For placing women and ecology at the heart of modern development discourse.
Vandana Shiva is an intellectual and activist from India, who has worked in a wide range of different fields inspiring change globally. Her activism is rooted in promoting counter-development and supporting grassroots networks, women’s rights and ecology. As the author of numerous important books and articles, Shiva has shown a lifetime interest in campaigning against genetic engineering and the negative impacts of globalisation, advocating for the crucial importance of preserving and celebrating biodiversity.
Shiva’s record has been that of the totally committed, very productive and effective activist-advocate-intellectual. As an activist, she has coordinated, supported and learned from grassroots networks on a wide range of issues across India. As an advocate, especially in international fora, she has proven to be one of the most articulate spokespersons of counter-development in favour of people-centred, participatory processes. As an intellectual, she has produced a stream of important books and articles, which have done much both to form and address the agenda of development debate and action.
An activist, advocate and intellectual
Dr Vandana Shiva trained as a physicist and did her PhD on the subject "Hidden Variables and Non-locality in Quantum Theory" at the University of Western Ontario in Canada. She later shifted to inter-disciplinary research in science, technology and environmental policy, which she carried out at the Indian Institute of Science and the Indian Institute of Management in Bangalore, India. In 1982, she left to set up her Research Foundation for Science, Technology and Natural Resource Policy in her home town of Dehra Dun in the foothills of the Himalaya.
Shiva's record has been that of the totally committed, very productive and effective activist-advocate-intellectual. As an activist, she has coordinated, supported and learned from grassroots networks on a wide range of issues across India. As an advocate, especially in international fora, she has proven to be one of the most articulate spokespersons of counter-development in favour of people-centred, participatory processes. As an intellectual, she has produced a stream of important books and articles, which have done much both to form and address the agenda of development debate and action.
Shiva's diverse fields of work
Shiva's foundation is an informal network of researchers, working in support of people's environmental struggles, part of the objective of which is the articulation and justification of people's knowledge. The foundation has done important work in a number of areas, including:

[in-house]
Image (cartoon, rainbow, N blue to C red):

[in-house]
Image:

Agriculture and genetic resources. Shiva's critical analysis of the effects of the Green Revolution, and looking beyond it to the impacts of the 'second' Green Revolution powered by genetic engineering, is of pioneering importance. For several decades, she has been a campaigner on the ethical and ecological impacts of genetic engineering. She has led campaigns on bio-safety and built citizens' responses to the introduction of genetically modified organisms (GMOs) into agriculture.
Biodiversity. She started her work on biodiversity with the Chipko Movement (1987 Right Livelihood Laureate) in the 1970s. As with forestry and water, her contribution has gone beyond critique with the launch of a "people's programme on biodiversity." She has pioneered the organic movement in India and has built a new movement called Navdanya, the country's biggest network of seed keepers and organic producers, for the conservation of indigenous seeds. Shiva sees biodiversity as intimately linked to cultural diversity and knowledge diversity. She has campaigned nationally and internationally against "biopiracy" - the patenting of indigenous knowledge. Her book on the subject, titled Biopiracy, deals with the emerging corporate monopolies on the living resources of the poor.
World Bank and WTO campaigns. Shiva has been an important figure in putting pressure on the World Bank - which the Bank has been forced to take increasingly seriously. She represented "Nature" at the People's Tribunal on the World Bank and the IMF in Berlin in 1988 and was on the steering group of the People's Forum, which coincided with World Bank meetings in 1991. Shiva has also initiated major movements in India on World Trade Organisation (WTO) issues, especially on intellectual property and agriculture. She is a founding Board member of the International Forum on Globalisation, a citizens' group dedicated to monitoring and intervening on the impact of globalisation. She has also led an International Campaign on Food Rights, which sought to ensure people's right to knowledge and food security.
Ecology and gender. Her book Staying Alive: Women, Ecology and Survival (Zed, 1989) has had an international impact. She was a co-chair of the 1991 World Congress on Women and Environment, and she directed a dialogue on "Women, ecology and health" with the Dag Hammarskjold Foundation, leading to a volume of Development Dialogue edited by her. Shiva has launched a global movement called Diverse Women for Diversity, for the defence of biological and cultural diversity.
Time magazine named Shiva as an "environmental hero" in 2003, and Asia Week has called her one of the five most powerful communicators of Asia.
Among her many awards, she received the Order of the Golden Ark, the Global 500 Award of the UN, the Earth Day International Award, the Lennon Ono Grant for Peace and the Sydney Peace Prize 2010.
Shiva has served on the boards of many organizations, including the World Future Council, the International Forum on Globalization and Slow Food International.